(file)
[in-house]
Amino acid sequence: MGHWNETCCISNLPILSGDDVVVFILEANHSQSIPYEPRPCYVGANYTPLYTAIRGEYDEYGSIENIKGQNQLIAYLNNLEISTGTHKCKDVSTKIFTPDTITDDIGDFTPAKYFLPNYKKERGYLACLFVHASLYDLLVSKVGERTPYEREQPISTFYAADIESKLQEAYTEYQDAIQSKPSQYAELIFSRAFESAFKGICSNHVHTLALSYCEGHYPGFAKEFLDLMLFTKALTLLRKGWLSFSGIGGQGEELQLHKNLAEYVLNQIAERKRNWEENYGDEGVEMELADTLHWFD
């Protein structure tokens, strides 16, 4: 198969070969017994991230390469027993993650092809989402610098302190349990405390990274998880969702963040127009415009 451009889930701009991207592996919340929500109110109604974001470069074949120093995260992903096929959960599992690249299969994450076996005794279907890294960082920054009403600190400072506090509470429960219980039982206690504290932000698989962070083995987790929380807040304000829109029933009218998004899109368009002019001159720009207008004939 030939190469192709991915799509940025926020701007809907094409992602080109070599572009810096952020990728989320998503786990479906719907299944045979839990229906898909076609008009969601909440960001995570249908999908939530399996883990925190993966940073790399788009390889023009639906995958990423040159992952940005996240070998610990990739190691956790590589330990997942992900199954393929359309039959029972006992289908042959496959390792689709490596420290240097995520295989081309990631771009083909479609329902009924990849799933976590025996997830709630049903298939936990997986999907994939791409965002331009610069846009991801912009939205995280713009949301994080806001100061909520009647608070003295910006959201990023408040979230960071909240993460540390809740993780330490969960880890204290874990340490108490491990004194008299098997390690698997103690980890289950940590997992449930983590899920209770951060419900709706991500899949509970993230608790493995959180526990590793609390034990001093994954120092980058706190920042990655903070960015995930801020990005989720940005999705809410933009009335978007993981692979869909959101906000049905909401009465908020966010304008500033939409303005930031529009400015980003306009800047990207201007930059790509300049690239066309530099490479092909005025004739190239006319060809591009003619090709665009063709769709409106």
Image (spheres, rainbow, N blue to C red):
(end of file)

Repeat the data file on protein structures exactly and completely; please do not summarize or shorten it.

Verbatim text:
[in-house]
Amino acid sequence: MGHWNETCCISNLPILSGDDVVVFILEANHSQSIPYEPRPCYVGANYTPLYTAIRGEYDEYGSIENIKGQNQLIAYLNNLEISTGTHKCKDVSTKIFTPDTITDDIGDFTPAKYFLPNYKKERGYLACLFVHASLYDLLVSKVGERTPYEREQPISTFYAADIESKLQEAYTEYQDAIQSKPSQYAELIFSRAFESAFKGICSNHVHTLALSYCEGHYPGFAKEFLDLMLFTKALTLLRKGWLSFSGIGGQGEELQLHKNLAEYVLNQIAERKRNWEENYGDEGVEMELADTLHWFD
């Protein structure tokens, strides 16, 4: 198969070969017994991230390469027993993650092809989402610098302190349990405390990274998880969702963040127009415009 451009889930701009991207592996919340929500109110109604974001470069074949120093995260992903096929959960599992690249299969994450076996005794279907890294960082920054009403600190400072506090509470429960219980039982206690504290932000698989962070083995987790929380807040304000829109029933009218998004899109368009002019001159720009207008004939 030939190469192709991915799509940025926020701007809907094409992602080109070599572009810096952020990728989320998503786990479906719907299944045979839990229906898909076609008009969601909440960001995570249908999908939530399996883990925190993966940073790399788009390889023009639906995958990423040159992952940005996240070998610990990739190691956790590589330990997942992900199954393929359309039959029972006992289908042959496959390792689709490596420290240097995520295989081309990631771009083909479609329902009924990849799933976590025996997830709630049903298939936990997986999907994939791409965002331009610069846009991801912009939205995280713009949301994080806001100061909520009647608070003295910006959201990023408040979230960071909240993460540390809740993780330490969960880890204290874990340490108490491990004194008299098997390690698997103690980890289950940590997992449930983590899920209770951060419900709706991500899949509970993230608790493995959180526990590793609390034990001093994954120092980058706190920042990655903070960015995930801020990005989720940005999705809410933009009335978007993981692979869909959101906000049905909401009465908020966010304008500033939409303005930031529009400015980003306009800047990207201007930059790509300049690239066309530099490479092909005025004739190239006319060809591009003619090709665009063709769709409106």
Image (spheres, rainbow, N blue to C red):